Are the herbs organically grown? This is the safest method for personal-careproducts and consumables.

Are the herbs fresh and within their expiration date? They should have abright color, strong scent, and no mold or mildew.

Are the prices fair, without excessive markups? Do some research and compareprices.

Are the herbs usually in stock, available without delays? Is the source convenient and practical for you? Is a knowledgeable person available to answer your questions?Start out with a local shop, if possible. Then, as you become comfortable with creating your own brews, you can branch out into wholesale. Buying herbs in bulk saves big bucks! Other options include visiting your local farmer's market, or driving outside the city to support roadside farm stands. If you so choose, you can also grow your favorite herbs in pots on the windowsill, terrace, or even inside using grow lights.

Suggestions to Suburban and Rural Dwellers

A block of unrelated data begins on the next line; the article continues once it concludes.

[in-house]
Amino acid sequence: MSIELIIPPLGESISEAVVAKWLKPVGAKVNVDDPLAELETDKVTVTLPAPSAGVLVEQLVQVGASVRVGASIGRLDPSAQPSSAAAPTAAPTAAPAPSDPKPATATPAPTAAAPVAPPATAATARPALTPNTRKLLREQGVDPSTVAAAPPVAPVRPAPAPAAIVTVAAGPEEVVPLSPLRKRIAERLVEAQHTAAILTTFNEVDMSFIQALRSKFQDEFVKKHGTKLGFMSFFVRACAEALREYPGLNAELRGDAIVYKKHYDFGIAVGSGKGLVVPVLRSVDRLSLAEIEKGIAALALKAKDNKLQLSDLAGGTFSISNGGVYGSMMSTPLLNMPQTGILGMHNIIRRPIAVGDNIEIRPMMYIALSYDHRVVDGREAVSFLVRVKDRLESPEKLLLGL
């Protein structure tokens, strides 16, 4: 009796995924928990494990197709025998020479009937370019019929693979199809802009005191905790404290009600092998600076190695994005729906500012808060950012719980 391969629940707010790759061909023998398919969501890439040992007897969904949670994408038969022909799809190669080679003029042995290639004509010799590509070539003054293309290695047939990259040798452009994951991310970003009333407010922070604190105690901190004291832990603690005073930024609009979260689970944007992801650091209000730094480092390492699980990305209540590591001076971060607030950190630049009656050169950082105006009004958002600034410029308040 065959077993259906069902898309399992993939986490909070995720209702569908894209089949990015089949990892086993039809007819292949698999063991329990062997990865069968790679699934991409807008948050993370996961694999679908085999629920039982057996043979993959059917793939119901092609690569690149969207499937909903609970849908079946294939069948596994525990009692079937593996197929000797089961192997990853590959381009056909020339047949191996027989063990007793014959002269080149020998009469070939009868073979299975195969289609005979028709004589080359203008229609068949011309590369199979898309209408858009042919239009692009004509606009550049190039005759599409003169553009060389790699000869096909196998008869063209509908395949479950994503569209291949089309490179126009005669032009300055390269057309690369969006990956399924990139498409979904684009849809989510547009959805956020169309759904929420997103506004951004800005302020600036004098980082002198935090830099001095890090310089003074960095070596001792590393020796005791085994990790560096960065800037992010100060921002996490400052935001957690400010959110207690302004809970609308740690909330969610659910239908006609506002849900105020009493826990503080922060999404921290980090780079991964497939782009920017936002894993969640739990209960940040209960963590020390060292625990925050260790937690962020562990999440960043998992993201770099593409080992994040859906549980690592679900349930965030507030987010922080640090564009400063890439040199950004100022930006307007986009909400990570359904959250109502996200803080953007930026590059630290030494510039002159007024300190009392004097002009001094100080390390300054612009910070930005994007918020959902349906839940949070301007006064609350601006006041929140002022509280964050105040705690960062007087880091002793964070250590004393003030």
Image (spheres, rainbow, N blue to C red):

If you are fortunate enough to have enough space to grow your own herbs, fruits, and vegetables, the following suggestions are for you. Please remember, when gathering Mother Nature's gifts, approach the plants with respect and thank them for sharing their healing energy with you.

Harvesting Leaves-Look for leaves of a consistent green color without brown or yellow spots. Harvest midmorning after the dew has evaporated. Gather leaves before the plant begins to flower. For plants that have long growing seasons, such as basil or oregano, pinch back the tops to prevent flowering. (Flowering takes energy away from the main body of the plant.) Keep herbs separated by type, and tie the stems loosely together in a bundle with twine or hemp string. Until you are very familiar with all of the herbs, it is best to label the bundles and date them as well. Hang them up to dry immediately after harvesting to prevent mildew or deterioration.

Hang the herb bundles stem up in an area with good circulation away from direct sunlight. The ideal temperature for the first twenty-four hours is ninety degrees, followed by seventy-five to eighty degrees the rest of the time. Most herbal bundles will dry between two to three weeks. Petals and leaves should feel light, crisp, and paperlike. If there are small buds or tiny leaves that may fall off during the drying time, create a roomy muslin bag to encase flowers and leaves and tie it loosely with twine or hemp string at the stems. This is particularly important with seed-dropping plants, such as fennel or sunflowers. When herbs are completely dry, store the whole leaf and stem away from direct sunlight in dark glass or stainless-steel airtight containers.